, Volume 158, Issue 10, pp 2209-2217

Use of multiple tools to assess the feeding preference of coastal dolphins

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Abstract

The feeding preferences of the coastal dolphins Pontoporia blainvillei and Sotalia guianensis in south-eastern Brazil (21º18′S–22º25′S) were assessed through the prey’s index of relative importance (IRI), total mercury concentration (Hgtot), and stable isotopic (δ15N and δ13C) to compare their efficiency in the discrimination of prey contribution to the predators’ diet. The IRI was the best tool to describe the dolphins’ preference, while Hgtot and δ15N seemed to be efficient as a trophic marker when the diet is made up of prey of varying sizes, as observed in S. guianensis. Both dolphins presented lighter δ15N than their prey species, which is an unusual pattern. However, as the sample size to isotope ratios analysis was small, especially to the dolphins, the results should be considered with caution, and further studies are necessary to corroborate these findings. The δ13C values characterized a typical coastal food chain, confirming the preferential area of these species.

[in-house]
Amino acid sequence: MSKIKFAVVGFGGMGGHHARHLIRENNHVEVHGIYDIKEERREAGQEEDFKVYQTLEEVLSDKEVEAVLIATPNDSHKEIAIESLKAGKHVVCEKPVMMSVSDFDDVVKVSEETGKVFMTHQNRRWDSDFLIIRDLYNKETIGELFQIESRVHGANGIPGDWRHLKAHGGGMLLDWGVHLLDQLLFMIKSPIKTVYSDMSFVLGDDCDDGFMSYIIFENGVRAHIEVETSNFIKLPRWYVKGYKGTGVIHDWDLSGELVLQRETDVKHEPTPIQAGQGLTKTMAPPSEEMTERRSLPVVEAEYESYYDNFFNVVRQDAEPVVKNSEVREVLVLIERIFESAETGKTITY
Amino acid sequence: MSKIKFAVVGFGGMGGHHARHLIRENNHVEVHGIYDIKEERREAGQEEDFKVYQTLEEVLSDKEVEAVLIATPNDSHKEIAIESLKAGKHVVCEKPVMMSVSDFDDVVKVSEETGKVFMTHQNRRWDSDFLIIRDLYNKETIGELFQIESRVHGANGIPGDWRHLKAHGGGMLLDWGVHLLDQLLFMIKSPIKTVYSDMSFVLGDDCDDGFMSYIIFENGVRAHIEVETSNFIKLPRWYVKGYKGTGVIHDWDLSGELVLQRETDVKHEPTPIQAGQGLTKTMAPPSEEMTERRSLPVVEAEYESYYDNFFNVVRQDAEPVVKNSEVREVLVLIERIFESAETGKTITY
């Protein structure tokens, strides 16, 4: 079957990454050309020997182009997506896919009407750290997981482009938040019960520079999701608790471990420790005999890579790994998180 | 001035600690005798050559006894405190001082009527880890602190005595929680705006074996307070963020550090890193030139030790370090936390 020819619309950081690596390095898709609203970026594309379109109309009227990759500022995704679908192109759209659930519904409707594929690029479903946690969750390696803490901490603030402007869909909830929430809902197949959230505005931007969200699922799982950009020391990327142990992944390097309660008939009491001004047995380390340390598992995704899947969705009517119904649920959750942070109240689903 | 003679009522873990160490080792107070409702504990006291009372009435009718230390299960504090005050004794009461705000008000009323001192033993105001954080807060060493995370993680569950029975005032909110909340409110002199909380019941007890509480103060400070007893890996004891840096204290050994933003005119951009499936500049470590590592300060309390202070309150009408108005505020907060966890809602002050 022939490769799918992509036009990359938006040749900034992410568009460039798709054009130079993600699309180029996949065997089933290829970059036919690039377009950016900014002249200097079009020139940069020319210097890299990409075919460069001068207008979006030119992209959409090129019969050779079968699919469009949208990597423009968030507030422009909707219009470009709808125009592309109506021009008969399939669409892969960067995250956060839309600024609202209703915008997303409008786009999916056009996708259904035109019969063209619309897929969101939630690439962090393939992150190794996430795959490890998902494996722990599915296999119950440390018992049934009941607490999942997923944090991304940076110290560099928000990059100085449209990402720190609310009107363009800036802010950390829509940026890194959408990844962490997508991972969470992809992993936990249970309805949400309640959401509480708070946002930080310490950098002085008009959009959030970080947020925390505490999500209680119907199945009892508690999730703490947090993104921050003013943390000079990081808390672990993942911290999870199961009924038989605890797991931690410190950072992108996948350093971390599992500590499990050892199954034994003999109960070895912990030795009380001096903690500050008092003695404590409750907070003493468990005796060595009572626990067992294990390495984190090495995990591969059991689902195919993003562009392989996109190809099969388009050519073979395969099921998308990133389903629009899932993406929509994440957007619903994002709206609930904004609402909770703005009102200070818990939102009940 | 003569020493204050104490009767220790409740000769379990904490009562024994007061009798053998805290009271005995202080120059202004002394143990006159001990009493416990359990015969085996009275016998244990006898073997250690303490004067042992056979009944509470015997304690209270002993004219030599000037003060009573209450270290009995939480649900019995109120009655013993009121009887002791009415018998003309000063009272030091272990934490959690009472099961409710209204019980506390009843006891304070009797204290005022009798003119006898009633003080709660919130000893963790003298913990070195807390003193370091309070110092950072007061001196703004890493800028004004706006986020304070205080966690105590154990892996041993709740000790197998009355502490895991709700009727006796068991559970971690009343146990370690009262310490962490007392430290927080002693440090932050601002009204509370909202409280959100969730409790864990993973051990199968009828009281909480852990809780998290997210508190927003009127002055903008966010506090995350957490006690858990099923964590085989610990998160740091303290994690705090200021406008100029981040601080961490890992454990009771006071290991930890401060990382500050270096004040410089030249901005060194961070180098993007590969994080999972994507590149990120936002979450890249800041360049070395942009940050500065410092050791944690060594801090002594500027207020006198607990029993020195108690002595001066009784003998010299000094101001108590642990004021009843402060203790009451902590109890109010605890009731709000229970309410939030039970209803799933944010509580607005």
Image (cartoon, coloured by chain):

Communicated by C. Harrod.